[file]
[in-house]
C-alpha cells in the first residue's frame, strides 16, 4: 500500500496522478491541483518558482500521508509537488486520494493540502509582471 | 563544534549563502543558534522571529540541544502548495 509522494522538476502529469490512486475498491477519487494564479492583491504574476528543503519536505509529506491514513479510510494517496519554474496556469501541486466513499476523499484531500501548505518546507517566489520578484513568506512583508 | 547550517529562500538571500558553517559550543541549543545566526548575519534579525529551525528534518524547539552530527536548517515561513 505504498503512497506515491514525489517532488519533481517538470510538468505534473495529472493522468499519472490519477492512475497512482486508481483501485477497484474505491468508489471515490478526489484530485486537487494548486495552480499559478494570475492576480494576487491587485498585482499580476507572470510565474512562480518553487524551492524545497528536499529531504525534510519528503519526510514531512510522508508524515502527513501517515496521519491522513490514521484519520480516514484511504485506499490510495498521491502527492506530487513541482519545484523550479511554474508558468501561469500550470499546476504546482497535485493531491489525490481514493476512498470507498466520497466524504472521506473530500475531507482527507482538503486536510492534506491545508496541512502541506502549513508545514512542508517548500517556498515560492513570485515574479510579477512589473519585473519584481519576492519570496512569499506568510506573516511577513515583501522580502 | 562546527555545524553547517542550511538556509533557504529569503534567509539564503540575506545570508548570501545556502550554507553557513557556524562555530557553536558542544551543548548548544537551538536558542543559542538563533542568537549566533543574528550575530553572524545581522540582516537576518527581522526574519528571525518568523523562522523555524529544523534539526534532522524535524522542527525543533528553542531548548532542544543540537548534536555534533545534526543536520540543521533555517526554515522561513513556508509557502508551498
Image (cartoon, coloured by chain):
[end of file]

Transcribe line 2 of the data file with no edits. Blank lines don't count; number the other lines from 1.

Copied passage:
C-alpha cells in the first residue's frame, strides 16, 4: 500500500496522478491541483518558482500521508509537488486520494493540502509582471 | 563544534549563502543558534522571529540541544502548495 509522494522538476502529469490512486475498491477519487494564479492583491504574476528543503519536505509529506491514513479510510494517496519554474496556469501541486466513499476523499484531500501548505518546507517566489520578484513568506512583508 | 547550517529562500538571500558553517559550543541549543545566526548575519534579525529551525528534518524547539552530527536548517515561513 505504498503512497506515491514525489517532488519533481517538470510538468505534473495529472493522468499519472490519477492512475497512482486508481483501485477497484474505491468508489471515490478526489484530485486537487494548486495552480499559478494570475492576480494576487491587485498585482499580476507572470510565474512562480518553487524551492524545497528536499529531504525534510519528503519526510514531512510522508508524515502527513501517515496521519491522513490514521484519520480516514484511504485506499490510495498521491502527492506530487513541482519545484523550479511554474508558468501561469500550470499546476504546482497535485493531491489525490481514493476512498470507498466520497466524504472521506473530500475531507482527507482538503486536510492534506491545508496541512502541506502549513508545514512542508517548500517556498515560492513570485515574479510579477512589473519585473519584481519576492519570496512569499506568510506573516511577513515583501522580502 | 562546527555545524553547517542550511538556509533557504529569503534567509539564503540575506545570508548570501545556502550554507553557513557556524562555530557553536558542544551543548548548544537551538536558542543559542538563533542568537549566533543574528550575530553572524545581522540582516537576518527581522526574519528571525518568523523562522523555524529544523534539526534532522524535524522542527525543533528553542531548548532542544543540537548534536555534533545534526543536520540543521533555517526554515522561513513556508509557502508551498